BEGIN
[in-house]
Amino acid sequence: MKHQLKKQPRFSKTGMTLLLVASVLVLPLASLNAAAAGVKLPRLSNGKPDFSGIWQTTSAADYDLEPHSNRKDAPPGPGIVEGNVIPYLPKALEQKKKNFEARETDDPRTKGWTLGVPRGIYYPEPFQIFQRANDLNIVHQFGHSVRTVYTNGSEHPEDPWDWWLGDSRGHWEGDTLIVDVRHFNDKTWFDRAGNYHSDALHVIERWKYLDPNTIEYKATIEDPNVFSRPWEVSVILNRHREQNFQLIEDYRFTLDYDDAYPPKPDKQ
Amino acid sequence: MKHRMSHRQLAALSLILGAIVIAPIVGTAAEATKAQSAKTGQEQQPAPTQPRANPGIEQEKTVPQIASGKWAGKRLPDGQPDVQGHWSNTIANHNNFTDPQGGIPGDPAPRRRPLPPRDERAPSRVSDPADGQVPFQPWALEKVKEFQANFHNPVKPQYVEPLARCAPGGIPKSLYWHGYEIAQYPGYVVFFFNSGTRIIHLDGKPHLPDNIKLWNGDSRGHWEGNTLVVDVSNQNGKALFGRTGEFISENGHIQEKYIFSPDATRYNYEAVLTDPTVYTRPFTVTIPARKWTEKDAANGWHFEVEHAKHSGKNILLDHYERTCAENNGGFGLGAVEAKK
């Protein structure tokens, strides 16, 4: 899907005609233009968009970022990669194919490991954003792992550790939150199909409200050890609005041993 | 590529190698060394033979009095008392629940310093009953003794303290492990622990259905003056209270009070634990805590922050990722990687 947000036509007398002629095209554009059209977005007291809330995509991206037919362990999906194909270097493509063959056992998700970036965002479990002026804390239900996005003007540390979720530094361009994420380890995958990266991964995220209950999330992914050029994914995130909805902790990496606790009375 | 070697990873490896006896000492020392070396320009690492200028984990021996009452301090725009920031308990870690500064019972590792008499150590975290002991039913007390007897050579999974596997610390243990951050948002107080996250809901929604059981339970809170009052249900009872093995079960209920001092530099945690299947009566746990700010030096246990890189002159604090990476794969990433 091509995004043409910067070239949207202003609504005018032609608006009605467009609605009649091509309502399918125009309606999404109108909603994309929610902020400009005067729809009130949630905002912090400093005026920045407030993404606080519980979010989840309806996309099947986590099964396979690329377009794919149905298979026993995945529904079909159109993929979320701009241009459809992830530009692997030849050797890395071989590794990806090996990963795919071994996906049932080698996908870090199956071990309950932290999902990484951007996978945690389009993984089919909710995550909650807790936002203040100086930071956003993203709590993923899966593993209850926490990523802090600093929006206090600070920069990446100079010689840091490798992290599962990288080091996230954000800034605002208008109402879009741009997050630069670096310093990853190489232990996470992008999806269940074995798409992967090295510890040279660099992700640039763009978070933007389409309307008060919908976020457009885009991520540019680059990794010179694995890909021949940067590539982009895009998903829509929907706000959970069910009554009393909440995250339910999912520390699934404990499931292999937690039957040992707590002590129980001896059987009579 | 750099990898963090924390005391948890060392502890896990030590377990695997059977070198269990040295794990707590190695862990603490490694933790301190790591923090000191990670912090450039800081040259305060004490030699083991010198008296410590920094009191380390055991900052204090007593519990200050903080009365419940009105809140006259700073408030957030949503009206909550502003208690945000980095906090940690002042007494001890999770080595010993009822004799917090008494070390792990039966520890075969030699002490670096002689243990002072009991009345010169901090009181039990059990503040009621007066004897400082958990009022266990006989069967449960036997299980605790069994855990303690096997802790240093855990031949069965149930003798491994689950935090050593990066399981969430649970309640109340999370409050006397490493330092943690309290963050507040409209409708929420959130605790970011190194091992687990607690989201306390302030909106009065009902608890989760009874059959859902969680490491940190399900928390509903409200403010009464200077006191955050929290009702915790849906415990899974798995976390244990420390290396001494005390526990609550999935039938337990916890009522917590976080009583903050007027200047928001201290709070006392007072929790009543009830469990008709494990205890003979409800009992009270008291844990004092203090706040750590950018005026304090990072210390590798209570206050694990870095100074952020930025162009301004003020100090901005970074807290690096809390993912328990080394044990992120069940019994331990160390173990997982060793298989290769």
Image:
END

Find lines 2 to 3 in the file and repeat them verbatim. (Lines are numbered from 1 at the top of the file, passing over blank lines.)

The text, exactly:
Amino acid sequence: MKHQLKKQPRFSKTGMTLLLVASVLVLPLASLNAAAAGVKLPRLSNGKPDFSGIWQTTSAADYDLEPHSNRKDAPPGPGIVEGNVIPYLPKALEQKKKNFEARETDDPRTKGWTLGVPRGIYYPEPFQIFQRANDLNIVHQFGHSVRTVYTNGSEHPEDPWDWWLGDSRGHWEGDTLIVDVRHFNDKTWFDRAGNYHSDALHVIERWKYLDPNTIEYKATIEDPNVFSRPWEVSVILNRHREQNFQLIEDYRFTLDYDDAYPPKPDKQ
Amino acid sequence: MKHRMSHRQLAALSLILGAIVIAPIVGTAAEATKAQSAKTGQEQQPAPTQPRANPGIEQEKTVPQIASGKWAGKRLPDGQPDVQGHWSNTIANHNNFTDPQGGIPGDPAPRRRPLPPRDERAPSRVSDPADGQVPFQPWALEKVKEFQANFHNPVKPQYVEPLARCAPGGIPKSLYWHGYEIAQYPGYVVFFFNSGTRIIHLDGKPHLPDNIKLWNGDSRGHWEGNTLVVDVSNQNGKALFGRTGEFISENGHIQEKYIFSPDATRYNYEAVLTDPTVYTRPFTVTIPARKWTEKDAANGWHFEVEHAKHSGKNILLDHYERTCAENNGGFGLGAVEAKK